# What does mg(theta) means in the equation of motion?

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1. Jan 29, 2016

### Aerodfocker

In the case of inverted pendulum attached in a cart with external force U on it,

the equation of motion is like
U - mg(theta1) - mg(theta2) = m*dv/dt

I dont really understand the mg*theta part what does it mean ....should not be sine or cosine fn there with theta ???

can anyone give me some insight on this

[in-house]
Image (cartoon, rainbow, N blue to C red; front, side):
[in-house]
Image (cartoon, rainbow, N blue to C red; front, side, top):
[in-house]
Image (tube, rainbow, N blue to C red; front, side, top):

thanks in advance ....really appreciate it.

p.s. I HAVE ATTACHED THE FULL QUESTION HERE AS WELL

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2. Jan 29, 2016

### vanhees71

It's just the equations of motion for the cart and the two pendulums. If you want to get more information you need to provide us with some first. E.g., we have to know what you are supposed to assume (e.g., are you supposed to use the least-action principle). Also it looks pretty much like a homework problem, which you should post in the corresponding subforum!

3. Jan 29, 2016

### Staff: Mentor

The problem statement says "small neighborhood of the equilibrium" which means the θ's are small so you can use approximations like sin θ ≅ θ.